The Challenges of Online Teaching
After a semester of online teaching, teachers can now be asked which one they would prefer when classes resume after the summer break – to teach online or face-to-face.
Answers may vary depending on what kind of experiences teachers had during the recently-concluded spring semester or how seriously they carried out their pedagogical functions when their respective schools decided to deliver learning through the online platform.
Having gone through what I have experienced during the spring semester, I have much to say about online teaching. I could sum them up in one word – challenging. If I want to I could also say which one I would prefer when the fall semester begins – online or face-to-face teaching? But I wouldn’t for it won’t matter. Why? Because whether schools would still do online teaching or go back to the classrooms for traditional classes is not contingent upon which one the teachers (or even the students and school officials) prefer but what their government leaders would tell the academic community to do based on the status of the current pandemic.
So, if the marching order is for me to teach online, I should follow – the way a good soldier would. The question to ask therefore should not be whether the teachers prefer to teach online or in the classrooms. The “essential” question is whether or not they are ready should the situation next semester warrants that for the safety and well-being of everybody, most especially the students, they should teach online again.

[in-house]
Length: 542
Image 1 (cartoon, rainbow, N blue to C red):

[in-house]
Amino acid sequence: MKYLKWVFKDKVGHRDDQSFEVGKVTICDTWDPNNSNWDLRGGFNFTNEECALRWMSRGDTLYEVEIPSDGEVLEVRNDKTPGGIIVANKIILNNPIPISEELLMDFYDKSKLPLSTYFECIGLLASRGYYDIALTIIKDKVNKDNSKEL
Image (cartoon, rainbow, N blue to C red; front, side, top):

When the current school year started, many teachers were probably caught by surprise when out of the blue their schools announced that classes would be held online. Nobody saw the coronavirus coming. By the time COVID-19 started spreading in different parts of the world, schools already had plans laid out for this school year. Such plans were changed factoring the effects of what eventually became a pandemic.
The academe was left with not choice but to switch to remote learning.
Now, let’s answer the following question: Did the teachers really have only a few weeks to prepare for online teaching?
I don’t think so!
They had all the time in the past.
In one of my previous essays about online teaching, I asserted the following:
“With or without COVID-19, the ability to use technology in the classroom – to apply all available technology resources to education – is something that teachers should have trained themselves to do a long time ago. The use of technology has become an integral part of being a 21st century teacher. There’s no way out of it. Schools should have made it a basic requirement for the teachers they hired. The abilities to create, evaluate, and effectively utilize information, media, and technology are required 21st century skills. Teachers are expected to possess them.”
Take it from HG Wells – “Adapt or perish, now as ever, is nature’s inexorable imperative.” The landscape of education is very dynamic, it keeps changing. Most of the changes are driven by advances in communication and information technology. Teachers will be doing their profession a disservice should they not adapt.
Based on what I have personally experienced, online teaching is very challenging. I actually consider it more difficult than teaching in the classroom.
Remember that online teaching will test not only the extent of your accumulated knowledge and skills in communication and information technology but also how you incorporate such knowledge and skills in pedagogy, in the major activities that teachers do – planning, instruction and assessment.
Online teaching is not only a matter of learning how to use video conferencing applications. Video conferencing is only the tip of the iceberg called online teaching. As I emphasized in another essay – “Online or otherwise, when you are a teacher, you should teach. You ought to find a way to achieve the objectives of the course/s you are teaching, cover the topics enumerated in the syllabus, motivate your students, discuss the lessons, give assignments, and evaluate learning. It will definitely test the limits of your creativity, resourcefulness, and patience.